The married couple moved to New York that same year and Ms Bourgeois attended the Art Students League, where she studied painting with Vaclav Vytlacil and produced prints and sculptures.

Throughout the 1940s and 1950s, Louise’s husband Mr. Goldwater introduced her to a many of New York artists, dealers and critics. She knew many of the European surrealists then arriving as refugees in New York, later dismissed them as ‘smart alecks’; the artists to whom she felt closest were the American painters who would come to be known as Abstract Expressionists.

In the late ‘40s and ‘50s Louise Bourgeois had a several solo exhibitions in various New Your gallery. Her first solo exhibition of paintings happened in New York, 1945, and four years later, in 1951, her first exhibition of sculptures at the Peridot Gallery- an installation of tall pole-like figures that she intended as abstract portraits of the family members and portraits.
 
At this time, she gave up painting for good.

Her husband received a Fulbright grant, so they return to France for several years in the early 1950s, during which time her father died. Louise began psychoanalysis in 1952, continuing on and off until 1985.

From beginning of the ‘60s, Ms Bourgeois started experimenting with rubber, plaster, latex, and enjoyed some professional success as a sculptor. But significant shift in her career came in 1966, when she was included in ‘’Eccentric Abstraction’’ at the Fischbach Gallery in New York, an exhibition organized by critic Lucy Lippard.

Ms Bourgeois’ long involvement in the nascent feminist movement, about which she had ambivalent, but passionate feelings, began at this time. In the following period, she made one of her many trips to the marble works in Pietrasanta and Carrara, Italy, and produced dozens of her great and major pieces over several years.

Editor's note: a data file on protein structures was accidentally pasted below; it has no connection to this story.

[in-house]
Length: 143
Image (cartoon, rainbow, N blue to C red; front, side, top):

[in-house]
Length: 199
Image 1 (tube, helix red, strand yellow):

Her husband died in 1973, the same year she began teaching at various institution including Columbia University, New York Studio School and Yale, which awarded her an honorary Doctor of Fine Arts Degree in 1977.

In the same period, she became politically active as a socialist and feminist, and joined the Fight Censorship Group, which defended the use of sexual explicit imagery in art and made several of her own sexually explicit works related to the female body, such as Fillette, a large detached latex phallus, from 1968.

Fillette – Louise Bourgeois

That piece is one of her most famous work. It showcases her use of biomorphic imagery and her experiments with and distortions of both female and male anatomy to the point that they become indistinguishable.
 
In this work, the testicles can be read as breasts and the erect penis can be seen as a neck. The bizarre juxtaposition of the title, which means little girl in English, and the priapism
of the work suggests a girl metamorphosed into that threatens her- in one version, the piece hangs from a hook and thus references castration; in the second one, the piece is being carried.

 

Rise To Fame As An Artist

By the mid 1970s, with shifts in the art world trends, her reputation was steadily growing. Marking her prestige in the art world, Bourgeois had her first retrospective in 1982, at MoMA, which was the first given to a female artist at that institution.
 
That retrospective secured her place as an influential figure.

In the following decade, her reputation grew stronger in the context of the body-centered art of the ‘90s, with its emphasis on vulnerability, mortality and sexuality.

Ms Bourgeois’ sculptures, in stone, steel, wood and cast rubber, very often organic in form and sexually explicit, emotionally aggressive yet witty covered many stylistic bases. But generally, they shared a set of repeated themes centered on the human body and its need for nurture and protection in a frightening world.

louise bourgeois sculptures

Certainly, her personal style contributed to her mystique. Her series of ‘’Cells’’ from the early 1990s, the installation of old doors, windows, steel fencing and found objects, were meant to be evocations of her childhood, which she claimed as the psychic source of her art.